Solar Water Pumping – Part 1 – Basics

Solar water pumps and pumping - learning the basics

This is the first part of our blog series on solar water pumping that introduces to you the different types of solar water pumps. Our second post in this series covers the details on how to size a solar water pumping system.

Solar Water Pumps – the Solution to Pumping without Electrical Lines 

Solar water pumps enable you to move water from its remote source to where you need it, without access to power lines. Solar pumping has three primary uses; domestic use for washing, cooking and drinking, livestock watering, and irrigation. The same basics are used for all three requirements, although domestic use may require additional capabilities. We’ll discuss domestic use for this blog. We’ll cover irrigation and livestock in a future blog post. Solar water pumps are different from regular AC powered pumps in more ways than the simple fact that they use DC power instead of AC. Most solar pumps are designed to be used in off-grid situations, and are designed to be extremely efficient. By not experiencing losses when going from DC to AC and back to DC, you can maximize your pumping while minimizing your power use. The most efficient way to use a solar pump is PV-direct, powering the pump directly off the solar panel, without using batteries. Rather than experiencing losses through storing power in batteries, the water itself is stored in a cistern or tank to be used when needed. It’s much easier to store water than power. The difference between a cistern and a tank is a cistern has a removable lid, and a tank is generally sealed.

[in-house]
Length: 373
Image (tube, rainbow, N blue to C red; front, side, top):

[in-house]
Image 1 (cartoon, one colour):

Submersible Solar Pumps vs Surface Pumps

Solar water pumps typical come two types: submersible and surface.

Submersible solar pump (left) versus a surface pump (right).

Solar water pumps are typically divided into two categories: submersible pump and surface pump.  A submersible pump is installed under water, usually in a well, but can also be in a pond or stream if raised off the bottom. A surface pump is installed above the water, with an intake hose feeding the pump from the water source, and the output hose feeding the tank.  Pumps are able to push water out much higher than they are able to suck water in, so the they need to be close to the water source.  Keep the head, or the height difference between the water and the pump,as low as possible.

Morning Boost